Is President Obama up for a Senate confirmation fight over Elizabeth Warren? Maybe not right now. But that’s just the sort of rhetorical rumble Barney Frank would like to see.
Tales from the Trail
President Barack Obama had some soothing words for business leaders at the White House today, telling them that, despite some impressions to the contrary, he was really on their side after all. Financial regulatory reform was necessary, but “it is important now that there is a period of healing and consolidation and implementation that is less disruptive.”
Consumer advocate Elizabeth Warren is among a handful of candidates President Barack Obama is considering to become the first chief of the Consumer Financial Protection Bureau. Some ardent supporters clearly think the Harvard law professor (and chief of a panel monitoring the government’s $700 billion bailout of the financial system) is up for the task of heading the independent agency created under the financial reform bill signed into law last month.
President Barack Obama and fellow Democrats are trying to make political hay out of a comment by House Republican leader John Boehner that managed to mention ants and nuclear weapons in the same sentence.
Larry Summers, a top economic adviser to President Barack Obama, is a realist when he says “people are imperfect and we have not seen the last misjudgment.”
Sen. Christopher Dodd of Connecticut and Columbia University economist Jeffrey Sachs are two guys who think President Barack Obama better embrace new structural reforms if he wants a growing economy that isn’t hard-wired to go bust.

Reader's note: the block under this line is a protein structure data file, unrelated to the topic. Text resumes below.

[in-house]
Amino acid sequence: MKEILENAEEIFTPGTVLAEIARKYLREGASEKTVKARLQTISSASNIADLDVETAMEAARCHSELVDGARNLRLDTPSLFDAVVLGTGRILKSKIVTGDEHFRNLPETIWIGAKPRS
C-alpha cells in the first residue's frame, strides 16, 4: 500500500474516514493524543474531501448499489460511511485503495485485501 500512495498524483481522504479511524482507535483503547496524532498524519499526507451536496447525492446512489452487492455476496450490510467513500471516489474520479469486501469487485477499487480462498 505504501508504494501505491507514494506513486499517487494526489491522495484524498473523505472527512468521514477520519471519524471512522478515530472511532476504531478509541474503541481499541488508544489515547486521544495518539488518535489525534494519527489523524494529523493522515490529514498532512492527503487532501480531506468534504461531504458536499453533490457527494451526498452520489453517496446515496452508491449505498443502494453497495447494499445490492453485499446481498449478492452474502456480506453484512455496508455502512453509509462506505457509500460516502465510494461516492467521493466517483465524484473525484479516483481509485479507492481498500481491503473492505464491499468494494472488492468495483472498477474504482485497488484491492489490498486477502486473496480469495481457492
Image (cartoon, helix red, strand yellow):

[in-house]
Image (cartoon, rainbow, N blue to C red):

President Barack Obama tries to revive his push for financial reform on Monday.The president heads to Wall Street on the anniversary of the collapse of Lehman Brothers to try to make his case for stricter regulatory oversight of U.S. markets.He’ll also be discussing how he plans to wind up government involvement in the financial sector.The federal government took large stakes in banks and other firms over the past year as it tried to stabilize the economy in the midst of recession and financial collapse.Obama’s financial reform effort has hit resistance in Congress, as has his bid for an overhaul of the U.S. healthcare system.A new poll in The Washington Post on Monday showed public opposition to Obama’s healthcare reform is high but could ease a little if the president dropped his bid for a government-run public health plan to compete with private insurers.Obama argues a public plan is needed to ensure private insurers face enough competition to force them to control costs.The late Senator Edward Kennedy’s memoir “True Compass” is out on Monday and his sons, Representative Patrick Kennedy and Ted Kennedy Jr., spoke with the morning shows about their father and his book.Patrick Kennedy recalled the first time he became aware of the constant threats his father faced.“On the campaign trail in 1980, I remember one time I was with my dad and someone took one of the (campaign) buttons … They took the pin out and they jammed his hand when he came by,” Kennedy said.”I remember the Secret Service after the event were wondering whether he’d gotten poisoned because they didn’t know it was a button he’d gotten stuck with. It was the first time that I remember ever feeling that this was something that was a daily part of his life that he had to worry about.”Patrick Kennedy said the book, completed over the past year as his father struggled with the cancer that killed him, was a revelation to him.”Everybody knows my dad wasn’t the most sentimental, emotive guy,” he said. “For us this was an enormous revelation, in a sense, because this book really was one where he talked about his feelings and emotions at various points in his life.”For more Reuters political news, click here.Photo credit: Reuters/Larry Downing (Obama meets with economic team in March); Reuters/Kevin Lamarque (People line up to sign condolence book at Kennedy’s Senate office after his death in August)